I’m also now allowed to shower, and that’s a treat to be enjoyed later today once I’ve mastered climbing and descending the stairs using crutches.
It was bliss having the cast removed. A good scratch, but even more so the chance to bathe my foot and leg that has been encased for the past six weeks. A nice foot massage in warm water, followed by a generous application of cocoa butter cream, and my foot began to feel almost normal.
I’ve been very pleased with my treatment under the National Health Service (NHS), and it has not cost me a penny. I think of the hours of treatment from the moment the first ambulance arrived on the scene on 8 January, the four days spent in hospital, the outpatient appointments, the drugs administered, the equipment loaned to me (Zimmer frame, crutches, and a frame around the toilet for support), and last but not least, the boot that I’m now wearing. The boots, for example, don’t come cheap and I have no idea if they are recycled once I have finished with mine in six weeks’ time (hopefully).
Having lived in a country like the Philippines where there is limited socialized medicine, and where families can very quickly run up catastrophic medical bills, it makes me appreciate even more the value of the NHS in the UK. No wonder it is such a hot potato and contentious political challenge (which this current Conservative government does not appear to be facing professionally nor astutely).
When I broke my leg at the beginning of January, I spent four days in the Alexandra Hospital in Redditch, one of three hospitals managed by the Worcestershire Acute Hospitals NHS Trust. The ‘Alex’ has not been out of the news for many months—for all the wrong reasons. Now I know there’s a lot in the media these days about the shortcomings of the NHS. One ‘failing’ hospital after another is brought into ‘special measures‘ (the situation with the Alex), the NHS is almost broke, the junior doctors are on strike. Also, there is a perception that this Conservative government aims to privatize our cherished NHS, step-by-step. In my earlier post I mentioned that the A&E department at the Alex had recently lost several of its consultants, and that the maternity unit had been closed (supposedly only a temporary measure) and its services transferred to Worcester.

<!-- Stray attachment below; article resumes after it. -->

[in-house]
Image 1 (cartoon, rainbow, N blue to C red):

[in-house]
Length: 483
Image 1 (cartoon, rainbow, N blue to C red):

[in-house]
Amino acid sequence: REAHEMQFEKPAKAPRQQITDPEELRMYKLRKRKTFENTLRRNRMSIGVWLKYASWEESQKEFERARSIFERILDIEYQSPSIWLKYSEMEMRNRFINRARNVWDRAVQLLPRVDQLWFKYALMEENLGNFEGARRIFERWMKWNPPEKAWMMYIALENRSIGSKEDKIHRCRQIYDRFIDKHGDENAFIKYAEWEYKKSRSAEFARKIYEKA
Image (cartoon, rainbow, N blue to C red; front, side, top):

However, the care I received during my brief stay was second-to-none. I tweeted about that, but also felt compelled to write to my Member of Parliament (for the Bromsgrove constituency), the Rt. Hon. Sajid Javid (right), who sits in the Cabinet as Secretary of State for Business, Innovation and Skills. After all, positive outcomes need to be highlighted just as much as the negative (of which we hear all too frequently).
So I penned the following letter on 14 January, and sent it to him through his House of Commons web site:
Dear Mr Javid, I have unfortunately had to avail of local NHS services in recent days, having slipped on black ice outside my home last Friday and severely dislocating and fracturing my right ankle.
I was rushed to the Alexandra Hospital in Redditch, after a remarkably rapid response from the ambulance service, and spent three nights there following surgery on Saturday night.
At a time when the NHS is under ‘assault’ from all quarters, including, I’m afraid to say, the Government of which you are a member, as well as the continual bad press that the ‘Alex’ seems to attract, I believe it’s opportune to celebrate what is great and worthy about the NHS and those dedicated doctors, nurses and support staff who are its backbone.
From the moment of my arrival in A&E, admission and stay on Ward 17 (Trauma and Orthopaedic), and visit to theatre, I have nothing but the highest praise for all the staff, who looked after me with dedication and compassion, and a good degree of good humour. Although their morale has recently taken somewhat of a battering, this did not affect their sense of professional pride in offering the best care possible.
And lying there on the ward, another thing struck me. At least 50% of the staff, possibly more, were immigrants, both EU and non-EU, and of all faiths. Indeed, I believe that the particular speciality where I was being cared for would not be able to operate were it not for the support of our immigrant friends and colleagues.
Mr Farage and his moronic UKIP followers, and those on the right of your party, have been permitted to hijack the immigration (and EU) debate with the result that those from outside the UK who come here to make our country a better place, are demonised. Surely as the son of immigrant parents this is a perspective you should be fighting tooth and nail to reverse.
I spent much of my career working overseas with scientists and support staff from all around the world. I celebrate this cultural, ethnic and religious diversity. I deplore deeply that our society, famed for its broad mindedness and tolerance is being dragged in a direction that undermines these core values.
I deplore that this Conservative government does not appear to have the stomach to take on the immigration bigots.
Yours sincerely, Michael Jackson